Serum amyloid A forms stable oligomers that disrupt vesicles at lysosomal pH and contribute to the pathogenesis of reactive amyloidosis [Biochemistry]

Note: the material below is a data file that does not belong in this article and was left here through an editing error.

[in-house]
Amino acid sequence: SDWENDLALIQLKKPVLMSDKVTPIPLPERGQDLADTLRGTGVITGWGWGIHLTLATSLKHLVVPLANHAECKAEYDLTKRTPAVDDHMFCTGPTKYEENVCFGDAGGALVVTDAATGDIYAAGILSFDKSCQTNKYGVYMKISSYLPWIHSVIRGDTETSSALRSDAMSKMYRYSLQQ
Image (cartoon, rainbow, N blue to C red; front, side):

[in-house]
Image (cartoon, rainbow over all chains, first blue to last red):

Serum amyloid A (SAA) is an acute-phase plasma protein that functions in innate immunity and lipid homeostasis. SAA is a protein precursor of reactive AA amyloidosis, the major complication of chronic inflammation and one of the most common human systemic amyloid diseases worldwide. Most circulating SAA is protected from proteolysis and misfolding by binding to plasma high-density lipoproteins. However, unbound soluble SAA is intrinsically disordered and is either rapidly degraded or forms amyloid in a lysosome-initiated process. Although acidic pH promotes amyloid fibril formation by this and many other proteins, the molecular underpinnings are unclear. We used an array of spectroscopic, biochemical, and structural methods to uncover that at pH 3.5–4.5, murine SAA1 forms stable soluble oligomers that are maximally folded at pH 4.3 with ∼35% α-helix and are unusually resistant to proteolysis. In solution, these oligomers neither readily convert into mature fibrils nor bind lipid surfaces via their amphipathic α-helices in a manner typical of apolipoproteins. Rather, these oligomers undergo an α-helix to β-sheet conversion catalyzed by lipid vesicles and disrupt these vesicles, suggesting a membranolytic potential. Our results provide an explanation for the lysosomal origin of AA amyloidosis. They suggest that high structural stability and resistance to proteolysis of SAA oligomers at pH 3.5–4.5 help them escape lysosomal degradation, promote SAA accumulation in lysosomes, and ultimately damage cellular membranes and liberate intracellular amyloid. We posit that these soluble prefibrillar oligomers provide a missing link in our understanding of the development of AA amyloidosis.
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